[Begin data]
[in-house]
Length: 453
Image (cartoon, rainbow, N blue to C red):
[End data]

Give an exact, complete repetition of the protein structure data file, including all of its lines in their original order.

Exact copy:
[in-house]
Length: 453
Image (cartoon, rainbow, N blue to C red):